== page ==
More specifically, to the Marxist ideal of proletarian liberation through the revolutionary confiscation of the means of production, Reich and other Freudo-Marxists added the sexual angle: The “capitalist” and “bourgeois” state doesn’t only alienate the proletarian masses through pure economics, but also through “authoritarian” sexual repression.
Reich’s ideas are encapsulated in his 1936-book, The Sexual Revolution.
Within this book he unleashes diatribes against “patriarchal” religions, monogamous marriage, female chastity and even infantile sexuality – in the sense that, for Reich, children and adolescents should (or must) explore their sexuality more freely.
In the 1949 preface to the fourth edition of his book, he in fact boasts about how he’s the reason why encouraging free-sex among children and adolescents has become mainstream, since prior to him basically everyone was against it:
In 1928, when I founded the Socialist Society for Sexual Consultation and Sexual Research in Vienna, the genital rights of children and adolescents were denied. It was unthinkable for parents to tolerate sexual play, let alone to regard such manifestations as part of a natural, healthy development. The mere thought that adolescents would satisfy their need for love in the natural embrace was horrifying. Anyone who even mentioned these rights was slandered. Resistance to the first attempts to guarantee the love life of children and adolescents united groups of people who otherwise were violently opposed to each other: members of all religious denominations, socialists, Communists, psychologists, physicians, psychoanalysts, etc.
As this article isn’t really about Reich, we won’t delve further. However, the reader will certainly see how we still live in a Reichan world, as bashing “patriarchy” and promoting child sexuality are key features of the postmodern West.
In reality Reich was just a development of Freud, even if quite an extreme one. Ironically there’s even a sort of Oedipus complex between them: Reich figuratively “killed” his “father” Freud, as he agreed with Freud’s sexual agenda but believed that he remained too “conservative” in its applications.
Reich wasn’t Freud’s only legacy though.
Ali Shariati is one of the foremost Iranian intellectuals of the last century. He summarizes the Freudian legacy, and more interestingly for regular MuslimSkeptic readers, how it fits within the liberal-capitalist worldview and its materialistic approach to existence.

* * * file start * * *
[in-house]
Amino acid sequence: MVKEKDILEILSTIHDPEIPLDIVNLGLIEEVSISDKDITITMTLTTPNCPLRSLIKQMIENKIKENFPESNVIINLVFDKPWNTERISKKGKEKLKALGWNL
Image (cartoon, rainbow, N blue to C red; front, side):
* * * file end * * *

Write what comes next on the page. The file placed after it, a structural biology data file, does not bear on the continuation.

We thus read in Expectations from the Muslim Woman:
Up to the appearance of Freud (who is one of the agents of the bourgeoisie), it was through the liberal bourgeoisie spirit that scientific sexualism was manifested. It must be taken into consideration that the bourgeoisie is always an inferior class. Although feudalism was an anti-human system, it, nevertheless, relied on an aristocratic elite and their moral values even though these moral values led to a decline. Bourgeoisie mentality negates all of the high, ascending human values and believes in nothing except money.
Therefore, a scholar or scientist who lives, thinks and studies during the bourgeois age, measures collective cultural and spiritual values (the sacrifices of mankind, the martyrdoms, struggles, literature, art etc.), with only the scale of naked economy, with production and consumption and with nothing else. One who studies psychology or anthropology, looking at all the dimensions and manifestations of the mystic spirit of human beings that which religion believes to be the spirit of God and the manifestation of metaphysical virtues sees only unsatisfied sexual appetites. Belief, culture, mental illnesses all are related to the struggle to release an imprisoned and condemned sexual complex. The bourgeois social scientist looks at all of the delicate human sensations and feelings (even a mother caressing her child, the worship of the beloved by the lover and all other issues) in relationship to sex. (…)
This messenger was named Freud. His religion was sex. His temple was Freudianism, and the first one who was sacrificed on the threshold of this temple was woman and her human values.
In the same work, Shariati shows why most Western art is Freudian in nature – especially cinema:
It is not accidental that Freud’s view of sexuality came to prominence after the second world war and became the fundamental basis and foundation of art. Most motion pictures are based on only two elements: violence and sexuality. Both of these are legacies of the war. Motion pictures are one of the most important examples of the relationship of art to Western capitalism because film production is the only art which cannot exist and develop without the aid of capital. Thus it differs from the arts of painting, literature, poetry and music. A poor painter, writer, poet or musician can create the greatest work of art, but a film producer must have capital of millions of dollars to create a saleable film. Thus, this art is unconsciously supporting capitalism.
It isn’t that hard to make the connection with Netflix, which also weaponizes sex in promoting its agenda – to transform the whole world into Qawm Lut.
Bernays: The Father of Propaganda